Interesting post, David - thank you. It strikes me that fishing for compliments is a poor use of Twitter in any case. Not exactly a sound footing for a relationship. It's a shame because in the world of sustainability - which culturally has huge overlaps with the ethos of social media - McDonald's has managed to rebuild its reputation, addressing many of the issues around sourcing, nutrition etc, often hand in hand with the NGOs. But this activity negates much of that.

Deborah, thank you for taking the time to comment here and you are quite right. Twitter is a poor tool to use to acrue flattery. It is excellent however in creating communication about what you do and in this regard the Mc Donald's campaign, initially, was right on target. It provided information which could be used to engender conversation. The problem arose when the very specific way of doing this was changed halfway through the campaign, throwing the door (and the hashtag) wide open to abuse, which happened. 

I do not think this is anything which will have a long-term impact on the McDonald brand and, as you say, they are a company which has learnt to listen in the hardest way possible. Not too long ago I wrote a piece which ended with them and their example, holding them up as an exemplary way to market yourself and get your message across, against the tide. If you are interested it can be found here

David - you should post Can You Get Past The Obvious at least once a month - it's first rate and I'm glad you've pointed me to it.

I have been in marketing for 3 1/2 decades and some things remain forever simple. NEVER PUT SOMEONE WHO HAS A LIMITED LIFE EXPERIANCE IN A POSITION THAT IS WORKING DIRECTLY WITH THE COMPANYS CLIENTS. I see this over and over again, a company puts there company trust in hands of a person that is ill equipped to handle the task at hand. Social Media has has a huge impact on customer perception.

It's seems that if someone is social and personable then they must be good at being social... It's all good till there is conflict then is when you need a skill set that comes with experience. That experience is hard won in today's social economy and I for one wouldn't like to have someone practice on my brand. I see a need for companies to take social media serious and to realize what impact it can have and to adjust itself accordingly. 

Robert, thank you for this. You are quite right that social media has a way of wrongfooting most people. It is an unfortunate paradigm of marketing that the moment we jump on a particular bandwagon we forget everything which has gone before and have to, unfortunately, re-learn everything all over again. 

David:  I am really surprised at a couple of things about this post.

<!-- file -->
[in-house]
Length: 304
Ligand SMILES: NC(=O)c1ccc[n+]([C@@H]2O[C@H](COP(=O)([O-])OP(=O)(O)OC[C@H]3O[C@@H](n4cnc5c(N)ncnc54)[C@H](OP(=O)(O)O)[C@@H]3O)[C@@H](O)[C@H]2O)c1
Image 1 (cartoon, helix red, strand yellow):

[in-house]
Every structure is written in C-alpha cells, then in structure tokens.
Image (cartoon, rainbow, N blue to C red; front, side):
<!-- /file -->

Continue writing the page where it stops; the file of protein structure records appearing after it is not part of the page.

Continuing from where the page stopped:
1. Your second "abject lesson" is that brands should "retain control."  What?  Social media is all about brands needing to learn how to give up control.  You can't "control" a conversation, you can, at best, hope to manage it or influence it.  

2. You see fit to interject your opinion that Rick Wion "should not be holding his job."  What do you base that opinion on?  Do you know Rick personally?  Are you privy to the full scope and responsibility of his job?  Perhaps you've even seen his performance reviews?  If so, then you're breaking HR confidentiality rules.  If not, then I would suggest that we as bloggers focus on debating ideas and actions, without resorting to name-calling or even suggesting that someone lose their job.

Disclosure:  I interviewed Rick Wion on this topic and wrote a blog post about it for The Realtime Report yesterday http://therealtimereport.com/2012/01/24/lessons-from-the-mcdstories-promoted-trend-controversy/.

 

Tonia, thank you for taking the time to comment here and, polemic tone aside, I commend the fact that you defend Rick Wion so strongly. To be frank if I had an inkling that my call for his head (professionally speaking) on a platter had any traction at all I would not have written those words. They are there simply to illustrate the pressure anyone in Rick's position must face and how high the stakes really are. 

I did read your interview and the second point you made after the interview was to "Choose your words (and battles) carefully". Similarly, in my post, I clarified: "... the very definition of social media is that you give up a certain measure of control of your brand to its followers (and hope for the best). So it makes sense to try and create some kind of guidance and scope by controlling what can be discussed." 

I do not see anywhere in my post any name-calling of any description. If there was anything in it however which made you, personally, object to it, for that I apologise. It was completely unintentional. 

Thanks, Rick -- and yes: it is definitely a high-pressure job for anyone -- the line between control & manage is a very tricky tightrope to walk!

Hi David,

Following on Tonia's first point about retaining control, I'd really be interested to know exactly how you would have handled this campaign to reach a different (and better) outcome, or at the very least how you would have handled or contained the negative backlash once #McDStories broke loose. 

I love the insights that you and other bloggers provide on cases like these, but I think sometimes there's a gap between what the general lessons are and what specific actions could have been taken in such cases. For example, you mention that the hashtag should have been more thoughtfully chosen or that more control mechanisms should have been put in place - what names/ controls would you have employed? How would you have publicly responded to the event? It's a loaded question, I know ... but I'd be interested to hear any ideas you might want to share. Especially since it seems to me that in some cases, if people are motivated enough, they can manipulate any UGC-driven campaign to backfire against a brand. That's just the risk you take when you invite the masses to participate in a branded social event. 

What research are you using to classify this as a disaster? If you would have read articles about this, Rick Wion and the folks at McDonald's came out and said the "negative" tweets only made up 2% of total conversation. Hardly a disaster. We focus on the negative and are quick to label something a failure. I suggest doing more research.

P.S. I drove by McDonald's today and there were still cars in the drive-thru. Guess it wasn't as big of fail as people are making it out to be, huh?